Normalising Drawdowns

Feb 15, 2024

In the world of trading, drawdowns are not a matter of if, but when. They're an inevitable aspect of navigating the unpredictable terrain of market fluctuations, a reality every trader must confront.

This post aims to normalise drawdowns, shedding light on their inevitability and countering the prevailing notion that only double-digit drawdowns are abnormal. Let's delve into the psychology of drawdowns and compare these experiences to the broader market landscape, notably the S&P500.

Remember, it's not about avoiding drawdowns but learning to navigate them on the path to long-term success.

Drawdowns test not just your trading acumen but also your emotional resilience. It's during these periods of adversity that the mental fortitude of a trader is truly put to the test. The fear, doubt, and anxiety that accompany drawdowns can often cloud judgment and lead to irrational decision-making. Yet, seasoned traders know that drawdowns are an intrinsic part of the journey towards consistent profitability.

Comparing to the S&P500: Even the broader market, represented by the S&P500, experiences drawdowns. Understanding the magnitude and frequency of these drawdowns provides perspective and reassurance to individual traders facing similar challenges, especially as we strive to outperform the benchmark of typical buy-and-hold strategies.

Below shows the yearly drawdowns in the S&P500 since 2000. 15 out of the 23 years (65%) have drawdowns into double digits. The average across this period is 15.75%. 

person using MacBook Pro

Hedge funds such as Long-Term Capital Management (LTCM), Tiger Management, Bridgewater Associates, and various quantitative funds have demonstrated that they are not immune to significant drawdowns. During turbulent market periods such as the Russian financial crisis of 1998, the bursting of the technology bubble in the early 2000s, and the global financial crisis of 2008, these funds faced drawdowns ranging from 20% to as high as 44%. These examples underscore that even large and sophisticated hedge funds are susceptible to drawdowns far beyond single-digit percentages. It highlights the importance of risk management and adaptability in navigating the complexities of the financial markets.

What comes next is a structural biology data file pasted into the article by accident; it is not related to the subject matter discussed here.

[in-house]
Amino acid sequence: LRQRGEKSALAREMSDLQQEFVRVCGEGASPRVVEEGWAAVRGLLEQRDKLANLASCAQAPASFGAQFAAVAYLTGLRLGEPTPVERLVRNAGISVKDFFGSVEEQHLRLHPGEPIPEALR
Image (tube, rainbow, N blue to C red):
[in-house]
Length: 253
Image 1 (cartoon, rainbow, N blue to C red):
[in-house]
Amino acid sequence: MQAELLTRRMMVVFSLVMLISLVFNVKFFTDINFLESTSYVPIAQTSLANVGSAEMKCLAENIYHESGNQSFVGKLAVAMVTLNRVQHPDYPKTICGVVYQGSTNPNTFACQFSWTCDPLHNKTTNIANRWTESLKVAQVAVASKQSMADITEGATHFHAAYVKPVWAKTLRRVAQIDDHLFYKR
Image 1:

Social Drawdowns: One common pitfall among beginners is the failure to normalise drawdowns. Social media often portrays a highlight reel of trading successes, leading many to believe that drawdowns are abnormal. However, the reality is that drawdowns are an inherent part of trading and should be expected.

In addition to social media, we now have funding challenges many retail traders are trying to exploit, also contribute to the stigma around drawdowns. In these funding challenges, double-digit drawdowns are often deemed unacceptable, further perpetuating the myth that drawdowns should be avoided at all costs. As a result, traders may be inclined to abandon proper trading strategies and instead opt for buying a new challenge when faced with significant drawdowns. However, this approach fails to impart the invaluable lessons that drawdowns offer and undermines the development of crucial resilience in traders.

The Road to Recovery: Recovering from a drawdown requires not just patience but also a clear strategy. By looking back at historical data and backtesting results, traders can gain a more realistic understanding of what constitutes a "normal" drawdown for their trading system.

The table below illustrates the relationship between drawdown %'s and the subsequent % returns needed to recover.

% Loss of Capital

% Required to Recover



Conclusion: Drawdowns are an unavoidable aspect of trading, but they needn't be feared. By understanding the psychology behind drawdowns, learning from the experiences of experiencing them first hand, and normalising drawdowns within our trading community and framework, we can navigate these valleys with greater confidence and resilience.